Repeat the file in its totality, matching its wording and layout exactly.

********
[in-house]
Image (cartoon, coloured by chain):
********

[in-house]
Image (cartoon, coloured by chain):